24 October 2007

"falsity and truth have to do with combination and separation"

For those who want to continue thinking with me about this, here's a passage from earlier in De Int which looks to be relevant for understanding the passage quoted below:

ἔστι δέ, ὥσπερ ἐν τῇ ψυχῇ
[16a.10]οὔτε ἀληθές πω. σημεῖον δ' ἐστὶ τοῦδε· καὶ γὰρ τραγέλα-
εἶναι μὴ εἶναι προστεθῇ ἁπλῶς κατὰ χρόνον.
And Ackrill's translation:
Just as some thoughts in the soul are neither true nor false while some are necessarily one or the other, so also with spoken sounds. For falsity and truth have to do with combination and separation. Thus names and verbs by themselves--for instance 'man' or 'white' when nothing further is added--are like the thoughts that are without combination and separation; for so far they are neither true nor false. A sign of this is that even 'goat-stag' signifies something but not, as yet, anything true or false--unless 'is' or 'is not' is added (either simply or with reference to time).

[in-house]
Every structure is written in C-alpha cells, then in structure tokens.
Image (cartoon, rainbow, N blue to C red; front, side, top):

A quibble: I might have put "while some necessarily are one or the other", to avoid the (slight) suggestion that Aristotle has in mind modal truth, rather than bivalence.

That passage seems relevant because:
(i) it shows how Aristotle uses τὸ εἶναι μὴ εἶναι as a stand-in to signify the occurrence of "is" or "is not" in an assertion;
(ii) it suggests that εἰ ἔστιν μή οὔπω σημαίνει (infra) is likely to mean "does not yet signify whether it is or is not truth"; and
(iii) it indicates that by προσσημαίνει δὲ σύνθεσίν τινα (infra) Aristotle likely means precisely that sort of combination that results in an assertion with a truth-value.
(Curiously, in a blog infra is supra!)